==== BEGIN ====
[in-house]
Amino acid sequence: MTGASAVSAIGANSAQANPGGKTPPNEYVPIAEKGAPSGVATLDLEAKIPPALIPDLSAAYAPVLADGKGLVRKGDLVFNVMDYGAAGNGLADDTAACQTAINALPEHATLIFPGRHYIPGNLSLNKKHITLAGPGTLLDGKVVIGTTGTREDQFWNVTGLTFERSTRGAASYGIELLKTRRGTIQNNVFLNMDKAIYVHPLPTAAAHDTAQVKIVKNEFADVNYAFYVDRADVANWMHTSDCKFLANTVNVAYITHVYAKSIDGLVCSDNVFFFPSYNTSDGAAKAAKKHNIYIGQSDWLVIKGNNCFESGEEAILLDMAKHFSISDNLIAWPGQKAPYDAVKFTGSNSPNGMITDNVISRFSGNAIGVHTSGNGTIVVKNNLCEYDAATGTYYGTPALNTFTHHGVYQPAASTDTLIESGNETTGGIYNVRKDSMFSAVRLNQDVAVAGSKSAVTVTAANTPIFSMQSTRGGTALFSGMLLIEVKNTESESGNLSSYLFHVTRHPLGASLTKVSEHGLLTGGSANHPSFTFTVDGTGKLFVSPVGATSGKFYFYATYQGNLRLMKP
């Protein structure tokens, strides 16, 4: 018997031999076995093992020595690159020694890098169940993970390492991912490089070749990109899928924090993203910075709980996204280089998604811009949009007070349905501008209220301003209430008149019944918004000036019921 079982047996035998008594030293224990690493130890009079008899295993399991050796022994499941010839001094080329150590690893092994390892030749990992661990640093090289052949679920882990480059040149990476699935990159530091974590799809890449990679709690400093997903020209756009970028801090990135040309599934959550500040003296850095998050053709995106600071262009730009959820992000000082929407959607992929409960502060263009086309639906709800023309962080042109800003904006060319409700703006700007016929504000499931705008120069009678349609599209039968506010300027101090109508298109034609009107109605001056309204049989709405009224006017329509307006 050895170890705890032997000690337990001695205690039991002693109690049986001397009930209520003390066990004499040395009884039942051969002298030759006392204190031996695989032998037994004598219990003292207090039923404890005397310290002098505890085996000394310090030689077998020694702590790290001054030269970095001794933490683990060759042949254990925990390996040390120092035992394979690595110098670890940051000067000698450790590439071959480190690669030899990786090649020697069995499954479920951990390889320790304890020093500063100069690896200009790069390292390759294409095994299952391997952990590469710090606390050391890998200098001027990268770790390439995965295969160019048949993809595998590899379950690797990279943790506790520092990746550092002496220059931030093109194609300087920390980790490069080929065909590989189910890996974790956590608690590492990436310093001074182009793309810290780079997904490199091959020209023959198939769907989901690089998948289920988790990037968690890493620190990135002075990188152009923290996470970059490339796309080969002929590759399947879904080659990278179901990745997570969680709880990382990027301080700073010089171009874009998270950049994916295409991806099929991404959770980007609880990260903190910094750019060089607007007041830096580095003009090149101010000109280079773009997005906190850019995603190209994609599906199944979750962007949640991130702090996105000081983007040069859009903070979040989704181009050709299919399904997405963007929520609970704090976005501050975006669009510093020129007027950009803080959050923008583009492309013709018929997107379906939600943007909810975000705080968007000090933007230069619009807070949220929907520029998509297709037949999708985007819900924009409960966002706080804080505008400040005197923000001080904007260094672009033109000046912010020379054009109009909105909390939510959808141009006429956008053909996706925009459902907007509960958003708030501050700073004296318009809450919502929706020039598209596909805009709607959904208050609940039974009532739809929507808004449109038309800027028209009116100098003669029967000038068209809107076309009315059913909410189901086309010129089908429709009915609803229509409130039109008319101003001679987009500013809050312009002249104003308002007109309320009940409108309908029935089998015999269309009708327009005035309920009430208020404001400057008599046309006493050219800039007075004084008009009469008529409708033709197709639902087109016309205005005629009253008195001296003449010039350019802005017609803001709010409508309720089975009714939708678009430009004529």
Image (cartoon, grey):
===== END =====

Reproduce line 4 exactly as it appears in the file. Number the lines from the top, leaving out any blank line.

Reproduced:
Image (cartoon, grey):